‘Avengers’ is Thor-oughly Enjoyable


Chris Hemsworth and Chris Evans fight to protect New York City in “The Avengers”.

Eric Bourse, El Vaquero Staff Writer

Ever since the release of “Iron Man” (2008), “The Avengers” (2012) has had an enormous amount of hype on its shoulders. Four years later, the Avengers has finally assembled in spectacular and immensely entertaining fashion.

The film is written and directed by Joss Whedon (“Serenity,” 2005) and features an ensemble cast with Oscar-nominated actors such as Robert Downey Jr., Jeremy Renner, Gwyneth Paltrow, Samuel L. Jackson and Mark Ruffalo in his debut as Bruce Banner. Also reprising their roles are Scarlett Johansson as super-spy, Black Widow, and Chris Hemsworth as the god of thunder, Thor.

The film kicks off with Loki, played by Tom Hiddleston, and his plan to rule over Earth using an army of alien warriors as well as harnessing the power of the Tesseract, a cube with unlimited energy first seen in “Captain America: The First Avenger” (2011).

Nick Fury (Jackson), director of top-secret spy agency, S.H.I.E.L.D., contacts the planet’s mightiest heroes to fight the global threat.

Unfortunately for the good guys, the god of mischief, Loki, has an ace up his sleeve: the heroes themselves. Before the Avengers learn to work together, they butt heads any chance they can get, especially Captain America (Chris Evans) and Iron Man (Robert Downey Jr.).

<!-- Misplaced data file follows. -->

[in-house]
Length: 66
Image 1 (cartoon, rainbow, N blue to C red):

These scenes showcase Whedon’s signature dialogue that’s full of engaging witty banter with just the right amount of pop culture references as well as the chemistry between the cast.

Mark Ruffalo does a commendable job replacing Edward Norton as Bruce Banner and has made the character even more likeable than before. Although he doesn’t share as many scenes as the rest of the Avengers, his performance as the calm scientist who can turn into the unstoppable Hulk if he stubs his toe hard enough, stands out in the film.

The biggest knock on the film is that because of its huge story and amount of superheroes, the emotional struggles of the Avengers are mostly talked about vaguely instead of shown (aside from Bruce Banner). Captain America’s struggle with adjusting to the modern world and the relationship between Black Widow and Hawkeye are shown subtly or not enough.

However, the most unforgettable facet in the film is its action.

The action set pieces are large, exciting and never get repetitive. Whether it’s Iron Man fighting Thor or the Avengers taking on a huge army of alien invaders, the excitement coming off the screen is laudably filmed.

Unlike other action films with massive city battles like “Transformers: Dark of the Moon,” the battle royals aren’t filmed with unnecessary angles or over use of the shaky cam technique.

Although “The Avengers” is only the second film he has directed, Whedon’s superhero epic is one of the best comic book films ever. Despite the two and a half hour length, the film never lags as the pace is just right and thoroughly engaging from start to finish.

“The Avengers” is 142 minutes long and is rated PG-13 for intense sequences of sci-fi violence and action throughout, and a mild drug reference.

5 out of 5 stars